Would be much appreciated!

    Thanks in advance,

    Abi
    First of all i'm biased because I've applied to do nursing starting in September and I too thought about going down the paramedic route. Nursing is a hard career but what swung it for me in the end was the fact that, as a paramedic, you would not see the end outcome of each of your patients necessarily which I think would upset me a bit .

    Nursing has so much more scope to do lots of different things, for example if you're bored in your job you can go and do extra training or just move jobs to something you find more difficult/ challenging. I'm not gonna sugar-coat nursing, it is very messy at times but you need not be in a messy aspect, and paramedics get a lot of time wasters and abusive drunk individuals to deal with; nurses to a much less extent.

    Nursing degrees are well-respected and you could even do your masters to become an advanced nurse practitioner. This would allow you to practice independently and treat patients yourself without supervision from doctors or other nurses. They do a lot of the same things as doctors and have taken on lots of their responsibilities in family and general practice over the last decade.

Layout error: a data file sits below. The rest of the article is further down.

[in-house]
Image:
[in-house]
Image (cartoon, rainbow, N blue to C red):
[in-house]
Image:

To cut a long story short, do what you wanna do, but just remember that as a paramedic you'd be doing the same thing day in day out (it isn't as glamorous and exciting as casualty and holby city make it out to be lol). As a nurse if you're ever bored in your job you can go off on a whole new adventure at the click of you fingers- that's why I chose it anyway.

    Hope this helps, and best wishes for the future despite what you choose
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    (Original post by L33t)
    First of all i'm biased because I've applied to do nursing starting in September and I too thought about going down the paramedic route. Nursing is a hard career but what swung it for me in the end was the fact that, as a paramedic, you would not see the end outcome of each of your patients necessarily which I think would upset me a bit .